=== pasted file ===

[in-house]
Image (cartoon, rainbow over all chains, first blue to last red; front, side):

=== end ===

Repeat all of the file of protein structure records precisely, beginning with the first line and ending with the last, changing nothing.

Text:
[in-house]
Image (cartoon, rainbow over all chains, first blue to last red; front, side):